Education and support. I think organisations should be showing up for staff by being proactive in educating themselves on diversity and inclusion. This could be by having inclusion and diversities policies in place and training in the workplace for things such as; menstrual/menopause, maternity (including miscarriage and termination), neurodiversity, sexuality, disability and culture – to name a few.

Whilst it is never safe to assume what someone may need and we should always be asking people what they may need. It shouldn’t be up to the person to fully educate the organisation on what they need. I think that having an upfront policy about these areas, and then providing some suggestions about ways they may have supported others in the past and then having open conversations with people about what they need.

How do you envision the future of inclusivity and diversity, particularly for young girls and women?
I hope that we can achieve equity for people in the world. Creating opportunities for young girls and women, not assigning gender stereotypes, being able to be safe and free and empowered.

How do you think young women can contribute to creating a more inclusive society?
Be open to having these conversations from a young age and advocating for yourself and your rights. But also by knowing that it is not solely up to women to be creating a more inclusive society for them. The world as a whole needs to do so.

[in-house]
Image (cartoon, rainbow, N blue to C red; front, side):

Lastly, how do you plan to celebrate International Women’s Day this year, and what message would you like to share with others?
I am going to be attending a Queer Womens (including AFAB, NB, Trans Women) Day Event celebrating women artists and connecting with the community.

Thank you Mimi for sharing your insightful thoughts and personal journey, we hope it helps to inspire other women to the same success that you continuously represent.

ReachOut is Australia’s leading online mental health organisation dedicated to providing support and resources for young people and their parents. Proudly supported by Telco Together Foundation’s Small Change Big Change (SCBC), ReachOut offers a comprehensive range of digital tools, information, and forums designed to help young individuals navigate through tough times and improve their mental wellbeing. With a focus on accessibility and inclusivity, ReachOut reaches millions of users annually, providing evidence-based support and fostering a supportive online community. Their mission in alignment with SCBC is to empower young people to take control of their mental health, build resilience, and lead fulfilling lives.